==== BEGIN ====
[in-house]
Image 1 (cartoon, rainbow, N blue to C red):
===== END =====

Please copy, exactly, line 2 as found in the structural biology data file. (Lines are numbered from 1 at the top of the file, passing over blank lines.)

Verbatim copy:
Image 1 (cartoon, rainbow, N blue to C red):